Almost all software systems today face a variety of threats, and the number of threats grows as technology changes. Malware that exploits software vulnerabilities grew 151 percent in the second quarter of 2018, and cyber-crime damage costs are estimated to reach $6 trillion annually by 2021. Threats can come from outside or within organizations, and they can have devastating consequences. Attacks can disable systems entirely or lead to the leaking of sensitive information, which would diminish consumer trust in the system provider. To prevent threats from taking advantage of system flaws, administrators can use threat-modeling methods to inform defensive measures. In this blog post, I summarize 12 available threat-modeling methods.

Today, organizations build applications on top of existing platforms, frameworks, components, and tools; no one constructs software from scratch. Hence today's software development paradigm challenges developers to build trusted systems that include increasing numbers of largely untrusted components. Bad decisions are easy to make and have significant long-term consequences. For example, decisions based on outdated knowledge or documentation, or skewed to one criterion (such as performance) may lead to substantial quality problems, security risks, and technical debt over the life of the project. But there is typically a tradeoff between decision-making speed and confidence. Confidence increases with more experience, testing, analysis, and prototyping, but these all are costly and time consuming. In this blog post, I describe research that aims to increase both speed and confidence by applying existing automated-analysis techniques and tools (e.g., code and software-project repository analyses) mapping extracted information to common quality indicators from DoD projects.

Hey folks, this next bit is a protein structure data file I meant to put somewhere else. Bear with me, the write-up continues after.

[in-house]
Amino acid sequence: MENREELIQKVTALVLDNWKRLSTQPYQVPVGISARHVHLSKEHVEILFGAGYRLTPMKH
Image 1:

Statistics and machine learning often use different terminology for similar concepts. I recently confronted this when I began reading about maximum causal entropy as part of a project on inverse reinforcement learning. Many of the terms were unfamiliar to me, but as I read closer, I realized that the concepts had close relationships with statistics concepts. This blog post presents a table of connections between terms that are standard in statistics and their related counterparts in machine learning.

Earlier this year, a team of researchers from the SEI CERT Division's Network Situational Awareness Team (CERT NetSA) released an update (3.17.0) to the System for Internet-Level Knowledge (SiLK) traffic analysis suite, which supports the efficient collection, storage, and analysis of network flow data, enabling network security analysts to query large historical traffic data sets rapidly and scalably. As this post describes, our team also recently updated the Network Traffic Analysis with SiLK handbook to make it more analyst-focused and teach not only the toolset but also the tradecraft around using it.